2015, a year hard to forget...

2015, a year hard to forget...

Ünal Çeviköz
2015 will be remembered as “A year gone with the elections,” or, rather, hijacked by narrow interests... Turkey has never lived through such a disappointing year in its recent history, in peace time. Yet, it ends with the worst perspective for peace. 

Many have uttered meaningful words to be recorded in history about peace. John Lennon, once upon a time, was quoted to have said, “Peace is not something you wish for. It’s something you make, something you do, something you are and something you give away.” Albert Einstein was more down to earth, for not only was he an artist but also a scientist: “Peace is not merely the absence of war but the presence of justice, of law, of order --in short, of government.” Martin Luther King was perhaps more articulate: “True peace is not merely the absence of tension: it is the presence of justice.” At the end of 2015, there is no peace in Turkey, hence no justice.

2015 will never come back. It will never bring back so many lost souls. It will never be remembered even with tiny glitters of light, of success, of victory. It will be remembered as a total failure.

First, it will be remembered as the year when a peaceful reconciliation process has been deliberately buried down under the ashes of a volcano that has erupted by sudden outburst of domestic political concerns to maintain the sustainability of an order so undeservedly imposed upon the people of Turkey. People of Turkey, composed of Turks, Kurds and many other ethnicities, as well as people of several confessions and religious sects, have been relentlessly confined into the matrix of a square ideological world view. Eventually, the dialogue process to bring an end to the so-called “Kurdish issue” was sabotaged.

Secondly, political forces in the country, who had the opportunity to bring a new hope for the future generations by fulfilling the expectations of a very sensitive and responsible electorate, failed to grasp the merit of democracy and surrendered the country back into the hands of dark forces. People of Turkey will probably find it quite hard to forgive those who have been unable to show determination to stand against the ebb of democracy in the country.

Thirdly, a failing foreign policy conduct has reached its culmination with total isolation from the international community by not being able to identify clear and present danger to national security, regional stability and the entire humanity. Foreign policy is a discipline where you cannot correct your mistakes easily once they are made. If, on the other hand, one fails to acknowledge the mistakes and continues to go along the same line of errors with a reckless obstinacy, then the result is bound to be catastrophic. Foreign policy of Turkey has steadily developed into such a catastrophe in 2015.

As we get closer to the end of 2015, there seems to be a very bleak outlook for the future. On the one hand, the country is polarized, territorially fragmented and combat against terrorism has reached beyond the mountainous countryside into deep urban residential areas. Today, Turkey’s armed forces are trying to reassure security and stability in those urban areas. Quite ironic, is it not? If the armed forces are trying to secure stability not along the frontiers but within the country, then there is something wrong. Is this still a combat against terrorism or is it a fight against separatists who aim at your territorial integrity and national unity?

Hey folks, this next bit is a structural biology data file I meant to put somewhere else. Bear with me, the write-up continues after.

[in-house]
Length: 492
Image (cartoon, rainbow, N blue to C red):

On the other hand, the country is at odds with one of the most important neighbors, namely the Russian Federation, a country with which Turkey used to have extensive economic, commercial, business and people-to-people relationships until a month ago. A careless implementation of what could be referred to as mere Aristotelian logic, namely “urged, warned and shot down,” has transpired into a neo-Ottoman tragedy disrupting all of the above mentioned favorable relationships as if they were of no value. 2016, therefore, promises to be a year of lower economic performance, less tourism revenues and a cooler winter, if not coldest of all. Was this a predicament that could have been avoided? Yes. If only there could have been a better communication between the people and the political parties of the opposition.

Is there hope? Well, hope never disappears. It should not disappear in a country whose basic, fundamental constitutional foundation is built on the pillars of secularism, parliamentary democracy and a pluralistic society. 2016 will witness attacks on these pillars. Democratic forces of the country! Let us unite and let us stand against the tide of non-peace. If we do not, our younger generations will never forgive us. The younger generations of those who are being victimized by disproportionate use of power in southeastern part of this beautiful country will never come to terms with the unity of this country under the same flag. The future of Turkey belongs to all of us.